Current TV is presently seen in about 65 million U.S. homes. That’s about 20% less than MSNBC. For Olbermann this might look like a step backwards, but for Current it could be the catalyst that would help them break through to the upper tiers of cablecasting. They could leverage his star power to get more carriage and better channel positioning. And Keith would be able to extend his presence to the Internet with a full service news and entertainment site along the lines of the Huffington Post. Speaking of which, now that HuffPo has accepted gobs of cash to be part of a bigger media corporation, the Internet is in need of a new independent source for progressive news. And HuffPo’s sale demonstrates the potential value of the genre.
Needless to say, this is all wildly speculative. Tomorrow morning’s announcement may surprise everyone and have nothing to do with Current. Or it may involve Current but in ways not expected. We’ll know soon enough. But there is one scenario that I think we can safely rule out. Olbermann will not be returning to Fox. Rupert Murdoch recently said that he doesn’t want to fire him twice. But you really have to question Murdoch’s judgment when it is Olbermann whom he has called “crazy,” not Glenn Beck.
The news is official. Olbermann will be joining Current TV and bringing Countdown with him. In addition to that he will assume the title of Chief News Officer, implying a larger role in the production of news programming for the network. That is what I proposed above and it looks like they took my advice (leave me to my fantasies). Now, hopefully they can put together a compelling schedule and push the network onto more cable systems and into more homes.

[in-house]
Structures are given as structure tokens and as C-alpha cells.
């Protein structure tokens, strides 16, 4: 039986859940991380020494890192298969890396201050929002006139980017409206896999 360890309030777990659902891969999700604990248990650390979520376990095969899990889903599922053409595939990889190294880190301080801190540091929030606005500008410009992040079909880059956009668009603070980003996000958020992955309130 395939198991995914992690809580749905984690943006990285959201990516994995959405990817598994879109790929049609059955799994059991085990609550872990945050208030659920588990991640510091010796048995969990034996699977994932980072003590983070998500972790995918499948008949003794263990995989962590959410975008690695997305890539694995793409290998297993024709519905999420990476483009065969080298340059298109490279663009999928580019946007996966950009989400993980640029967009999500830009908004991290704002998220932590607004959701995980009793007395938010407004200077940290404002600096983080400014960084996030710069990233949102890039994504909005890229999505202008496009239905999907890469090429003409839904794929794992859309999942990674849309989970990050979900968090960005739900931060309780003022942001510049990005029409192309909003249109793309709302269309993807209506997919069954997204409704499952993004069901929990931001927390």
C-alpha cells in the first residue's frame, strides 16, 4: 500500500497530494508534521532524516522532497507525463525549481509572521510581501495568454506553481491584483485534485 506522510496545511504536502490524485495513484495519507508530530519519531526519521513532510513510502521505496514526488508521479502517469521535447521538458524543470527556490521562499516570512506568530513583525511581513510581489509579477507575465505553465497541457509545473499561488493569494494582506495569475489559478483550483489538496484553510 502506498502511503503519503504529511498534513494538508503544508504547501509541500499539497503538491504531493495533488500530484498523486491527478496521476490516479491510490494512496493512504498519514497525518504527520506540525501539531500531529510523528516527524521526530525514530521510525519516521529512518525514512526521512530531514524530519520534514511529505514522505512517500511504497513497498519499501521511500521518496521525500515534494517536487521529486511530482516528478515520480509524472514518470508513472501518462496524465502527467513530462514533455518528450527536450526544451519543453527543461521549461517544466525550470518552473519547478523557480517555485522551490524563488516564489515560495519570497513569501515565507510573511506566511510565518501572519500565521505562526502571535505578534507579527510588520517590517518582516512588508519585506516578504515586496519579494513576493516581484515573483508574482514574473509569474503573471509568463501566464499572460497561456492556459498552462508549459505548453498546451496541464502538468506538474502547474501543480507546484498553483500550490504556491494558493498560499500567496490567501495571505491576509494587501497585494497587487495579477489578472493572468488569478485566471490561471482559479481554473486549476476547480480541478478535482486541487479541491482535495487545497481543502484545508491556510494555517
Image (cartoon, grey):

I have long had an ambivalent view of HuffPo. While it gives opportunities to some progressives voices who are often shut out of the broader media, it also hosts some reactionary conservatives whose views are unproductive and dishonest. They have also taken a lot of heat for their gossipy celebrity content which I simply ignore.
AOL, although independent from TimeWarner for a little over a year, is still a giant corporation with many of the same principals and shareholders as prior to the separation. And therein lies my pessimism about the future of the HuffPo/AOL alliance.
The last thing independent media needs is more consolidation. By forming ever larger organizations, they fall into the same traps that Big Media always face. Their business mission ends up suppressing whatever aspirations they have for incisive journalism. They pander to advertisers and seek out stories that titillate rather than educate.
Arianna Huffington is predictably excited about the new arrangement. Why wouldn’t she be? The deal puts a value of over $300 million on her six year old venture. And she will become the head of all of AOL’s media properties. But she should be careful. She is also going to have a board of directors to which she will have to answer. And the obligation to appeal to a much broader audience could result in a dilution of any personality. Like other big news enterprises, she will have to cater to the lowest common denominator.
That’s why independence in the media is so precious. It allows for diversity of opinion and is the single best way to produce reporting that challenges the status quo, rattles societies gatekeepers, and enhances accountability. Those are the things we lose as media enterprises get more bloated and reliant on corporate infrastructure.